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Medications to Prevent Another Heart Attack

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In a healthy body, blood flows through the arteries, carrying oxygen to the heart. However, sometimes fat, cholesterol, and other substances can build up in the arteries, causing blockages that reduce or cut off blood flow to the heart. When the heart doesn’t receive the oxygen-rich blood it needs, it gets damaged—otherwise known as a heart attack.

Many different things can raise your risk of a heart attack, including high cholesterol, high blood pressure, diabetes, smoking, drug use, family history, and aging. And having one heart attack significantly raises your risk of having another, which is why it’s so important for heart attack survivors to commit to lowering their other risk factors. Lifestyle changes are key for preventing another heart attack—by eating a balanced diet that’s low in saturated and trans fats, adding exercise to your everyday routine, quitting smoking, and managing stress and depression, your risk of a second heart attack can be lowered. But along with those lifestyle changes, you’ll need to take several medications to keep your heart healthy and stay away from another heart attack.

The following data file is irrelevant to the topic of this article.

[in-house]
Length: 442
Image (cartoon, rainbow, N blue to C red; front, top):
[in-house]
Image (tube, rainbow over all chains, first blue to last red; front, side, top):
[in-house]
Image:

5 Things You Didn't Know About Heart Attack Recovery

Blood-Thinning Medications

When you get a cut, platelets in your blood stick to other proteins to form a clot and stop the bleeding. But when you’ve had a heart attack, and especially after you’ve had a stent placed or bypass surgery performed, you don’t want your blood to clot so easily. A stent is a tube placed in your artery to keep it open, and blood clots can block the stent and prevent blood flow from reaching your heart again. Almost always, doctors will have heart attack survivors start taking aspirin every day to “thin” their blood. Known as a blood thinner or an antiplatelet medication, aspirin keeps your blood from clotting, ensuring it flows successfully through your arteries to your heart. When patients have stents placed, they’ll typically also be prescribed another antiplatelet drug like clopidogrel (Plavix), prasugrel (Effient), or ticagrelor (Brilinta). It’s important not to miss any doses of these drugs, because they prevent clots from forming and potentially blocking your new stent.

There are side effects associated with antiplatelet medications. Because your blood is less likely to clot, you can bruise more easily and bleed much more if you injure yourself. Usually, these are not life-threatening problems, but it’s important to be aware of the issue and also let your doctor know about other medications you’re on that could increase your risk of bleeding.